It’s not that we don’t sell companies, because we do. That’s how we generate capital to acquire other companies. But the timing is our timing. It’s when we choose to do it, which is when somebody wants to pay an unreasonably high price for something we own, as opposed to when we have to liquidate a company to get money back to our investors.

What’s an example of a niche business you’ve grown and then sold?

In 1989 we bought Monson Chemicals, Inc., a small commodity chemical distribution business. We knew right when we bought it that we didn’t want to be in commodity chemicals. We wanted to be in specialty chemicals, because your customer base is much stickier. Once you’re engineered into a product, it’s very difficult for the company to change the formulation — it would cost them a fortune. Once you’re in, you’re in.

So we immediately acquired two specialty chemical companies, and after that, we acquired eight more specialty chemical companies throughout the country.

We ended up selling that company in 2010 to Audax, after building it from $20 million in sales and losing money, to $300 million in sales. Audax went on to build it up to just under a billion in sales in five years before reselling it to a European company.

Beyond growth potential, what do you look at when evaluating potential acquisitions?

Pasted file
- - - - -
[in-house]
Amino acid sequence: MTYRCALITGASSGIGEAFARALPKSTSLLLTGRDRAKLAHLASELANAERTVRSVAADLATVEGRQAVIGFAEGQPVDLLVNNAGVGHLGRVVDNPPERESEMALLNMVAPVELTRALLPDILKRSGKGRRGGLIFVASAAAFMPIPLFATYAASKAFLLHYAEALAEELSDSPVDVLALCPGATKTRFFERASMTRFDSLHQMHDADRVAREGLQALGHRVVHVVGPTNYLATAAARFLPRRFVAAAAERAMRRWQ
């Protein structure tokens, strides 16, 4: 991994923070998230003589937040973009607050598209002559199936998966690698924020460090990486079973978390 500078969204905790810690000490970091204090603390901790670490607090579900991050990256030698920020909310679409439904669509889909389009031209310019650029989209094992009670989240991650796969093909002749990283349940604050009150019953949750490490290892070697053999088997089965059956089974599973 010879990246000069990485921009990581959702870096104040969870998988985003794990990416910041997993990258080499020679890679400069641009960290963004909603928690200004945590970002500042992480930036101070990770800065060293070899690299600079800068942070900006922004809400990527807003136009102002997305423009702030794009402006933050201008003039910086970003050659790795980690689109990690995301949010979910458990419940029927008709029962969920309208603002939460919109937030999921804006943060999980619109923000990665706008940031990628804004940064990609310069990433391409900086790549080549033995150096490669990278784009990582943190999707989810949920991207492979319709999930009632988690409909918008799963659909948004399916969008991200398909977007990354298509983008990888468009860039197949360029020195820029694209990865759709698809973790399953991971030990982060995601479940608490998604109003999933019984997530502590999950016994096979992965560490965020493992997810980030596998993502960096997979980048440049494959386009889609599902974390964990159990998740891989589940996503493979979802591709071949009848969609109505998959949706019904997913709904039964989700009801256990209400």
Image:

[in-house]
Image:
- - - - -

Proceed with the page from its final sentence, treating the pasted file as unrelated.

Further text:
Once we understand whether the business is sustainable, the most important thing is people. That’s everything. We spend an inordinate amount of our time evaluating our people and supporting them and helping them grow. If they’re not the right fit we will make changes, but more often than not, it’s about giving them the right environment to thrive in.

For example, the founders of V-Tek are a husband and a wife who are both in their 80s now. They were spending limited time at the company and had hired a COO to build out a management team about six years ago. But still, the founders were hesitant to sign off on any strategic initiatives. The management team was a bit held back by that, but now [with our investment] they have the opportunity to do some of the things that they’ve been wanting to do and really shine. We’re going to unleash them a bit.  Time will tell if we’re making the right choice or not, but I think we are.

You’ve been in M&A for more than 25 years. What’s your favorite part of the job?

I love meeting owners, particularly when they’re the entrepreneurs that started the company up. We’re looking at a business right now where the owner is a real Texan type of guy. He wears cowboy boots, his kid does rodeo, he puts snuff in his mouth and spits it out. He started the business from nothing, and he’s great with customers. Selling companies — I don’t like that as much, because I always feel a little bad that those relationships are gone — but I love shopping for companies. It’s just fun to meet all types of different people, and I learn from every experience.